After suffering through two big outbreaks of the coronavirus, many people in Italy greeted news that a vaccine could be available by early next year with some optimism.
But one of the country’s most renowned virologists and Covid-19 experts has provided a reality check about the country’s ability to carry out a mass vaccination drive — he says he hasn’t even been able to get a simple flu shot.
“It’s a real scandal,” the virologist, Massimo Galli, director of the infectious disease department at the Sacco hospital in Milan said Sunday on Italian television. While he expressed hope that the country would eventually be able to distribute a coronavirus vaccine to citizens, Mr. Galli said the outlook was “ghastly.”
That Mr. Galli, who is 69 and among the most recognizable, quoted and consulted coronavirus experts in the country could not get his hands on a simple flu vaccine renewed concerns among Italian experts about a potential lack of preparedness to procure and distribute a coronavirus vaccine when it became available.
“We can’t think of improvising as we usually do in this country,” Silvio Garattini, the president of the Mario Negri institute of pharmaceutical research, told La Repubblica, a Rome daily, adding that Italy was not equipped to store an eventual vaccine. “We weren’t even able to start the anti-flu campaign.”
Mr. Garattini, 92, said he hasn’t been able to get a flu vaccine either.
Unlike in the United States, where getting a flu shot at the local drugstore can be as seamless as picking up toiletries, it is more formal, and less common, in Italy. Young and healthy Italians generally don’t get a flu shot, and the vaccine is usually recommended only for the very young and elderly.
But this year was different.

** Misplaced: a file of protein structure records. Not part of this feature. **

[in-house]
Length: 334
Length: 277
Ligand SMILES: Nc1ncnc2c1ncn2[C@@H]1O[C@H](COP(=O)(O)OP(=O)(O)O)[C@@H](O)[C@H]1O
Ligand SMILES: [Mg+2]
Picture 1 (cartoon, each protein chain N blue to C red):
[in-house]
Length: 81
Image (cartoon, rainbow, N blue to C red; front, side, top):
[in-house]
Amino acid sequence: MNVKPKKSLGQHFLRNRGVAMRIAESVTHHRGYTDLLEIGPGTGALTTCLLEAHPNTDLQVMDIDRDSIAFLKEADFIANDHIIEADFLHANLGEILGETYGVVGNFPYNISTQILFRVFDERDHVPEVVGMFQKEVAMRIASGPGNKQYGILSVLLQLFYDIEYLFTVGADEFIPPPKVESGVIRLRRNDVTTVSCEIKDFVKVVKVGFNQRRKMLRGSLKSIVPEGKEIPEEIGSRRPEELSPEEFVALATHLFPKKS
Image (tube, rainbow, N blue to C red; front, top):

In June, Italy’s health authorities urged people to get vaccinated against the flu, which has similar symptoms to coronavirus. The aim was to improve public health generally, reduce peoples’ chances of being gravely affected by the coronavirus, free up space for the country’s overwhelmed hospitals and help doctors detect Covid-19.
The Italian government also lowered the minimum age for a free vaccine from 65 to 60.
But five months later, flu shots are few and far between, and millions of Italians, including elderly people and patients with pre-existing conditions, haven’t been able to get the vaccine.
Some experts say that Italy’s regions, which control health care systems within their borders, placed their orders too late amid enormously high demand on the international marketplace.
Regional authorities have instead attributed the shortage to delays by the providers. So the flu vaccine, advertised at many bus stops, has often simply not arrived.
Some pharmacists, tired of turning away flu-shot seekers, have posted discouraging signs on their windows: “Vaccines didn’t come, we don’t know when they are coming.” That is not the situation the government had envisioned on June 5, when the Health Ministry recommended that the flu vaccination campaign start in early October and that the regions place more orders than usual to meet increased demand.
In the hard-hit Serio valley in northern Italy, a doctor, Mario Sorlini, said a much higher than usual number of patients had asked to be vaccinated for the flu. But the region only sent him about half the doses he received last year.
“We were the hardest-hit province by Covid and I was only able to do 25 percent of the flu vaccines I have to do,” Dr. Sorlini said. If he and his colleagues do not receive the doses before the flu comes, he said, it would be a “disaster on top of a disaster.”
Mr. Sorlini, 67, said he hasn’t been able to get a shot himself either.
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